Does this look like the way I should do this, or is there a better way? Just to reiterate, I am only looking for what, in the newer version has changed since the older one. I am not worried about changes in the opposite direction.
Any ideas would be appreciated.
Chris
modified 26Sep16 9:02am.





Your approach is accurate, but could be slow. I'm guessing that most of the items are unchanged, so
if (newItem.id exists in oldVers) could be an expensive operation, particularly if id is not indexed.
If your database supports fast sequential access on that field, then there are algorithms that "walk" the old and new, much the way text editors do file differencing.
Cheers,
Peter
Software rusts. Simon Stephenson, ca 1994. So does this signature. me, 2012





This is part of my last post here, but I made it much smaller in question.
I'm trying to write a function that will compress items measured by inches.
So say; I have 10 of these
Length = 72
Width = 4
Height = 3
And I package 6 of them into this, leaving the next 4 to be in another package.
Length = 72
Width = 24
Height = 3
I want to further compress them by decreasing the width and increasing the height such as this. I took 2 of them and stacked them taller increasing the height.
Length = 72
Width = 12
Height = 6
I have this, which works in 1 pass, but I'm trying to figure out a way to make multiple passes until there are no more passes to make. But I can't seem to figure out a method in which to do this.
If (item.Width > item.Height) Then
If (item.Qty > 2) Then
item.Width = p.Width * 3
item.Height += p.Height
End If
End If





Debug the programme.
I do believe that below line is causing that "it works only in 1 pass"
If (item.Width > item.Height) Then





Well... i'm pretty sure, you have to rethink your concept of programme...
Imagine, you have a box (container):
Height (3)
_ _ _ _ _ _
/ 
/  
/ _ _ _ _ _ _
/ / /
/ / /
 / /
 / / Length (72)
/_ _ _ _ _ _/
Width (24)
In that container 6 smaller boxes(containers {72x4x3}) are there. You want to repack these boxes into container with changed width and height:
Height (6)
_ _ _ _
/ 
/  
/  
/  
/  
 _ _ _ _
 / /
 / /
 / /
 / / Length (72)
/_ _ _ _/
Width (12)
Assuming, that you want to find out, if there's possibility to repack these innercontainers, your algorithm have to check, if:
 any dimension of innercontainer does not exceed the size of outercontainer,
 occupied area inside a box (sum of innercontainers areas) is smaller than outercontainer.
Till above condition is met, you can add another box (innercontainer)!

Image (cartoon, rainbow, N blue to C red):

Note, that:
Area (of box) = Width * Length * Height
Occupied area = sum of innercontainers areas.
And finall note: do not change the size of outerbox, create new one and repack all boxes
Try!





I thought about that.
It would be easier to say will this fit in the space rather than try to create the space.
Not sure If I mentioned this, but the point of the program is to just get a rate from UPS or Fedex by creating virtual packages of dimensional weight, gravity weight, and to not create large package conditions by making them smaller.
Maciej Los wrote: Area (of box) = Width * Length * Height
That's dimensional weight, yes I could just sum up the dWeight till I hit a target.
So If I were to sum up say
3 x 3 x 3 = 27
and I have 10 of them for 270
then 3 x 3 x 30 should equal 270 and equals 270. hmm ...
My question was to adjust the size of 3 x 3 x 30 to 15 x 6 x 3 then try 1 more time.
I should just hire someone to write this for me.





I should just hire someone to write this for me.
Jim, never give up! There's a ton of members ready to help you (at least me).
Seems, you forgot to use loop!
If (item.Qty>2) Then
Do While (item.Width > item.Height)
item.Width = p.Width * 3
item.Height += p.Height;
Loop
End If
Am i right?
modified 28Sep16 2:03am.





I have no clue how to paste in my Linked In link, tried many times.
I actually have that sample code above working better now.
If your curious about the program ....
This is the code packaged in a console app in VS2015
There is a class called sample data, that you can remove the remarks to load extra data
In the main class, you can unmark data to load.
It outputs packages in the console. In the real program, those packages will be submitted to UPS for a rate quote, and be packaged in the packages XML section and looped around for a single multipackage quote.
The rules are long items will be shipped seperate
Isolated items are items that will ship in the Original box, slap a sticker on them
Common items are the rest of the stuff that will be tossed in a box
If items trigger the Large Package Indicator, then start a new package to save the customer money.
Ar last, see if we can further combine packages to keep the count down.
Dropbox  RTST Rev 2016092701.zip[^]
I'm not trying to get someone to do my work for me, I'm just having trouble wrapping my head around this.